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Categorical Statistics for Communication Research

ISBN: 978-1-118-92710-6
296 pages
October 2016, Wiley-Blackwell
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Description

Categorical Statistics for CommunicationResearch presents scholars with a discipline-specific guide to categorical data analysis. The text blends necessary background information and formulas for statistical procedures with data analyses illustrating techniques such as log- linear modeling and logistic regression analysis.

  • Provides techniques for analyzing categorical data from a communication studies perspective
  • Provides an accessible presentation of techniques for analyzing categorical data for communication scholars and other social scientists working at the advanced undergraduate and graduate teaching levels
  • Illustrated with examples from different types of communication research such as health, political and sports communication and entertainment
  • Includes exercises at the end of each chapter and a companion website containing exercise answers and chapter-by-chapter PowerPoint slides
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Table of Contents

Detailed Contents ix

Preface xiii

Acknowledgments xix

About the Companion Website xx

1. Introduction to Categorical Statistics 1

2. Univariate Goodness of Fit and Contingency Tables in Two Dimensions 12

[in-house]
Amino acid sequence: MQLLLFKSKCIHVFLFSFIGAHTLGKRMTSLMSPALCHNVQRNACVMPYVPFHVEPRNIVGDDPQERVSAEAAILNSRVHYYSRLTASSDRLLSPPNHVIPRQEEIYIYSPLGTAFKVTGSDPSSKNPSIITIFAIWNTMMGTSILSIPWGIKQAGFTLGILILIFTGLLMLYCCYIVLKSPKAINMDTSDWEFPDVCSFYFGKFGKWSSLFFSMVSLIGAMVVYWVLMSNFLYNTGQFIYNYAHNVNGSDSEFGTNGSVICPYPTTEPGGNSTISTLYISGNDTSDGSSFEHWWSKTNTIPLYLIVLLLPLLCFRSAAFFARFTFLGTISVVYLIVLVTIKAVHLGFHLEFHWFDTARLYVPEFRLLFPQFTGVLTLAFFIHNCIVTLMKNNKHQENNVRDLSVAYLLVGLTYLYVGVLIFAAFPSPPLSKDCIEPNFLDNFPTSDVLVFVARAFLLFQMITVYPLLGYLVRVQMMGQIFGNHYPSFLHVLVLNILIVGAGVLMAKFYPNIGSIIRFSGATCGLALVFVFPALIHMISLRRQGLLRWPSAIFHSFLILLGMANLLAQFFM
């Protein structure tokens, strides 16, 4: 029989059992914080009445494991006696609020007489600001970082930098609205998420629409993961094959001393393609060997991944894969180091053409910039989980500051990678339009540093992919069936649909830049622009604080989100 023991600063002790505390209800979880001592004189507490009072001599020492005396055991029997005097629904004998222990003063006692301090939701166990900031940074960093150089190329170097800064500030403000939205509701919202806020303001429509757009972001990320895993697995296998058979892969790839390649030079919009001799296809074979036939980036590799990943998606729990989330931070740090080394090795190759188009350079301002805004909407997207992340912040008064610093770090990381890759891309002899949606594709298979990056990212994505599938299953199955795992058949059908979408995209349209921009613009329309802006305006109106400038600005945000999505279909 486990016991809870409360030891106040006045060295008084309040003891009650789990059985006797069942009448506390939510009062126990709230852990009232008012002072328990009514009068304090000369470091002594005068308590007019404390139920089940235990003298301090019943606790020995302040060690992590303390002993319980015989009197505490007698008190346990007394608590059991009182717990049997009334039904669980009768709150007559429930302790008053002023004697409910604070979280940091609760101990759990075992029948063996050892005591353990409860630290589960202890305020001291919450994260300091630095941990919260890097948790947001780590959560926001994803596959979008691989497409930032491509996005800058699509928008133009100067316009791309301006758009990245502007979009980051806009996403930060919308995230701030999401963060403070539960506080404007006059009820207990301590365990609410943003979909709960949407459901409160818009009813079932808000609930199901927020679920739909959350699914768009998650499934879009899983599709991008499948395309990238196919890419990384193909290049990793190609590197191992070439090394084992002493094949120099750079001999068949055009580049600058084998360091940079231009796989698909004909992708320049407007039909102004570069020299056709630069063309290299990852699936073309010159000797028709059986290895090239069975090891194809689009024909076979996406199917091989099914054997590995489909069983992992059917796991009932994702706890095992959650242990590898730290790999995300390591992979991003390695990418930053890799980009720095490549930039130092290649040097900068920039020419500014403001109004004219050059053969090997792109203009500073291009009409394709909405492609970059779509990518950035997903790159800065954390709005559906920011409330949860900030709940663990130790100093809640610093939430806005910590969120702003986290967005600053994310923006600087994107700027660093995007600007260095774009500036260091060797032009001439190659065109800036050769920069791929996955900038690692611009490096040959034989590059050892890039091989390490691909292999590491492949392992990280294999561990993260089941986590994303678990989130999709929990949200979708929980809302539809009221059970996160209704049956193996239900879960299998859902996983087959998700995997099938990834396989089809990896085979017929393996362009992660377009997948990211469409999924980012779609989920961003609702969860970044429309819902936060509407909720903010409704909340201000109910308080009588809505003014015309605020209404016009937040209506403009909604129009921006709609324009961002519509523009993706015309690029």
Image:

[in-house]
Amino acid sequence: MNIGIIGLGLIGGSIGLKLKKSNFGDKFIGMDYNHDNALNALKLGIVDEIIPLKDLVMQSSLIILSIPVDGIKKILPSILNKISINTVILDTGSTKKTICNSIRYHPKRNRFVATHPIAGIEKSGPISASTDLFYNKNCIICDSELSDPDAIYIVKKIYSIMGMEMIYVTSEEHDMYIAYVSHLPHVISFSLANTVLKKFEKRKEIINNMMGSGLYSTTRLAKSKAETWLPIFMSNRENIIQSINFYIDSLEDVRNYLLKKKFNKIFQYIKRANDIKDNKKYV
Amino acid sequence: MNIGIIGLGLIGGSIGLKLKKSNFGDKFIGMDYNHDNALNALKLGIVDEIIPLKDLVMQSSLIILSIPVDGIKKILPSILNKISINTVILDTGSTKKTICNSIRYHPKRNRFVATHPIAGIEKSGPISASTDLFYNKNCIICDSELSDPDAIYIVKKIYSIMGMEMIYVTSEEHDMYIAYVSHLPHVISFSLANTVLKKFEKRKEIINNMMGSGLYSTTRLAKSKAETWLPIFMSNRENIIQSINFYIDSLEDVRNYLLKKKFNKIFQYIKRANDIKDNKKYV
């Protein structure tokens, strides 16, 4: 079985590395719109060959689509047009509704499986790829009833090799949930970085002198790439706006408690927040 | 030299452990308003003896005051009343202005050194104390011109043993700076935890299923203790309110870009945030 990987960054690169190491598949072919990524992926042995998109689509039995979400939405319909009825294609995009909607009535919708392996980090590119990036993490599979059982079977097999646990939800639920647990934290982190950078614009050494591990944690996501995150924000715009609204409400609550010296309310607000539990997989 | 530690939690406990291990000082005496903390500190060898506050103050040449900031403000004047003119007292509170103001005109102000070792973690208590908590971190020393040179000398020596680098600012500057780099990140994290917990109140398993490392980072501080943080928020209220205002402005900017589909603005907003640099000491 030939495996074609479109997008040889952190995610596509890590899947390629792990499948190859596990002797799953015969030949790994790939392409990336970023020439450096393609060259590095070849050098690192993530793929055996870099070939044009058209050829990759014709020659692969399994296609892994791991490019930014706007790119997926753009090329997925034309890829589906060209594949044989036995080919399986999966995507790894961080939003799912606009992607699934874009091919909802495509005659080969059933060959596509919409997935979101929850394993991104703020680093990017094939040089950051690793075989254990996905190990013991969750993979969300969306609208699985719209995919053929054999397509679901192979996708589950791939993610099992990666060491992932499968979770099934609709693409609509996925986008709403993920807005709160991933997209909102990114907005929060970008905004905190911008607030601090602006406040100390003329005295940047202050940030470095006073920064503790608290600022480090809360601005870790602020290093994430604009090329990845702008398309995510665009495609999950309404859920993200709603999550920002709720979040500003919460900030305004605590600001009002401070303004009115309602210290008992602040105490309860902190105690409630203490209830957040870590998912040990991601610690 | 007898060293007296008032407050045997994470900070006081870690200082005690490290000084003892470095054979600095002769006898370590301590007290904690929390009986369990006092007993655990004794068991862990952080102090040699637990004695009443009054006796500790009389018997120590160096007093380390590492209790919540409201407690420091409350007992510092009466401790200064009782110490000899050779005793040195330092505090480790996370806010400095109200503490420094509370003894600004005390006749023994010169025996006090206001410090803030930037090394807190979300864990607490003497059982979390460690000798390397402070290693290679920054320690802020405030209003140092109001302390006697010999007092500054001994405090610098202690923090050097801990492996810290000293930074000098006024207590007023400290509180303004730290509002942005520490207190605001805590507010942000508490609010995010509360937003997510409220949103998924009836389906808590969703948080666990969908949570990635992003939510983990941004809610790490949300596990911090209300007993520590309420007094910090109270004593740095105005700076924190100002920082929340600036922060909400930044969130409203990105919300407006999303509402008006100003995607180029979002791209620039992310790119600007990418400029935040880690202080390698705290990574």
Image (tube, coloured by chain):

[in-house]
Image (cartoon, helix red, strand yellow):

3. Contingency Tables in Three Dimensions 41

4. Log -linear Analysis 58

5. Logit Log -linear Analysis 90

6. Binary Logistic Regression 119

7. Multinomial Logistic Regression 153

8. Ordinal Logistic Regression 171

9. Probit Analysis 198

10. Poisson and Negative Binomial Regression 216

11. Interrater Agreement Measures for Nominal and Ordinal Data 232

12. Concluding Communication 255

Appendix A: Chi Square Table 259

Appendix B: SPSS Code for Selected Procedures 261

Index 266

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Author Information

Bryan E. Denham is Professor of Communication at Clemson University. An expert on logistic regression and log-linear modeling, he has published articles on teaching empirical research methods and applying categorical statistics to social data in outlets such as the Journal of Communication, Journalism & Mass Communication Quarterly, Journalism & Mass Communication Educator, and the Journal of Risk Research.  He has taught empirical methods at both the graduate and undergraduate levels and has frequently served as a resource for both faculty and students in the use of categorical statistics from areas such as health, political, and science communication.  

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